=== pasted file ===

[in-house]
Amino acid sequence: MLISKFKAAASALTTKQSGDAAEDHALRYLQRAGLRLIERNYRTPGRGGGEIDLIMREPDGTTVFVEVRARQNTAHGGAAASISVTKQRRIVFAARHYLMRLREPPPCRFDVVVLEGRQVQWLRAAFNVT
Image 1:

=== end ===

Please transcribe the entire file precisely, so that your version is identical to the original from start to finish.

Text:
[in-house]
Amino acid sequence: MLISKFKAAASALTTKQSGDAAEDHALRYLQRAGLRLIERNYRTPGRGGGEIDLIMREPDGTTVFVEVRARQNTAHGGAAASISVTKQRRIVFAARHYLMRLREPPPCRFDVVVLEGRQVQWLRAAFNVT
Image 1: